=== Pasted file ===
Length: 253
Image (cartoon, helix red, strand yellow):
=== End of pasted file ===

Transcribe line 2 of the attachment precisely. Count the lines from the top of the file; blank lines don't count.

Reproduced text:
Image (cartoon, helix red, strand yellow):